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Promise Me That You Will

‘Promise me that you will.’

I read the message through the morning haze in my eyes. The words are unclear, but I don’t need my reading glasses to decipher them. Those words are deeply etched in my memory, yet I read them every day, first thing in the morning, only because I now know no other way of starting my day. Or ending it.

There comes a point in love when even the subtlest expressions can be interpreted without the help of the sense organs. You don’t touch, feel, hear, see or taste love anymore. Knowing that it is there is enough. You merely live it, as if it is what paves the way for the air to fill your lungs. Your breath then becomes your love’s abiding companion.

Early morning musings like this have now become a routine, and I lie in bed for a good half hour reeling in them, at the end of which I get up, and reach for my journal to document the first thoughts of the day. Whatever I scribble in it then are extensions of my thought triggered by the first thing I set my eyes on in the morning. Mira’s five-year-old message. ‘Promise me that you will.’

It hasn’t been easy for me to preserve those five significant words in my phone. I have always lived in the fear of losing it to a random technical snag that might obliterate it forever, and it forced me to store it as an image in my email. Umpteen number of mails sent to me by me, all unopened in the in box. I even have a hard copy of it saved among my other paper documents in the bank locker.

I have kept the message safe from every possible hazard. From software virus to a fire in the house. It is the only thing that gives me a reason to exist, to continue living the way I never thought I might after her exit. It even made me survive a covid attack and spend days on the ventilator without capitulating to death.

It is strange that I never responded to her message in categorical terms, but for reasons I can’t clearly say, she knew that she had my promise. All she did was to keep reminding me about it, casually sometimes, poignantly at other. Saying it holding my hand lightly or thrusting her head on my chest. Laughing sometimes, teary-eyed at other.

By reiterating it several times, she was only making sure that I ingrained it deep in my heart, making it hard for me to forget it even in my sleep.

‘Promise me that you will.’

And I have, so far.

At least the first part. I have continued to live without her.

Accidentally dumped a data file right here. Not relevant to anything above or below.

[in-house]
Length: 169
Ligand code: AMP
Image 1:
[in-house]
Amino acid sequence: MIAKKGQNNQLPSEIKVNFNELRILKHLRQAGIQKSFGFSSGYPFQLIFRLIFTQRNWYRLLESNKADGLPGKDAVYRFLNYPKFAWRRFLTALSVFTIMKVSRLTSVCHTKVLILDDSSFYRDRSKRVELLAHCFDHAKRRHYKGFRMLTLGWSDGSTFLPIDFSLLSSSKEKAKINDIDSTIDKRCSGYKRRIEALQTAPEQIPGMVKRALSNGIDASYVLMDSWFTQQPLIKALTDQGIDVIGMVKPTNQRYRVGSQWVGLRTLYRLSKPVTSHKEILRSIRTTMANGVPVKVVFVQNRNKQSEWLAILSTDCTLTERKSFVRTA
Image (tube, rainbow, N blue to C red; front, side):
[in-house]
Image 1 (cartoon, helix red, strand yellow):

And perhaps, today, I may keep the second part of it too if my heart and mind come together at the appropriate time.


The rain could have stopped in the morning, but it hasn’t. Having fallen all night and flooding the low-lying areas in the city, it had no reason to be so relentless. I crane my neck near the window to catch a glimpse of the sky. It is overcast to the edges meaning the monsoon woes aren’t going away anytime today. I wonder if I must call up mom and ask her for a postponement of the meeting.

Rain has always been a good alibi to me to avoid doing things. A wet outdoor isn’t my kind of thing. But to Mira, rain was a reason to celebrate the smaller things in life. Like stepping out without the umbrella and soaking like sponge. Sipping ginger tea in the balcony and letting herself be sprayed all over. Taking out the car and driving to a faraway restaurant just to have choley bature. She pushed the boundaries when I found reasons to shut the gate. She constantly sought and found fresh grounds to flourish as if life was entirely at her disposal.

But she was wrong. Life wasn’t at her command. And the day she knew the reality, she began the groundwork to make sure that I didn’t not use it as an excuse to bulldoze my life and bury myself under the debris.

‘Promise me,’ she kept repeating, taking my hand in hers, as she began slipping into the abyss gradually. Several times in a day, making it tough for me to escape the obligation she was nailing on me. And I sat silently, staring into her ashen face, running my finger on her cracked lips and clearing her forehead of the strands that had strayed in. And she smiled as if she had found her ultimate peace in the mere touch of my finger.

Those were moments that made me want to both die and live. Moments that gave me a reason to give up and carry on. It was hard for me to know which way I would swerve once she was gone, and she knew I could be mulish and maverick, defying her with a vengeance.


The rain is striking hard against the windowpane, and I realize that if I wanted, I could use it for deferring an occasion that has been upon me for a while now.

‘Keep it for another day. Tell them. It won’t be possible for us to get there, ma. There is water all around this place,’ I lie to mom on the phone, peering into the road that still was good was traffic. The water hasn’t started causing disruptions here yet.

Mom doesn’t agree. She knows that if she lets this opportunity slip out of her hands, she might never have me go again. She knows that I was using rain to dodge the meeting and begins to blackmail me emotionally with tears. Her sobs are distinct, but I refuse to take them to heart knowing her penchant for melodrama. She laments as if she is a newly bereaved woman, mentioning every sorrow in her life from losing her younger son in Kargil, to Papa’s state of acute dementia to Mira’s untimely departure. She makes it sound as if I am responsible for every woe in her life, and the only panacea to it was by getting me to accept her proposal.

‘There is only one way for life to go. Forward,’ Mom says with utter despair and disconnects the line. I stare at the screen for a while and look outside. The rain isn’t an alibi now. It is indeed falling hard as if it has scores to settle with the city.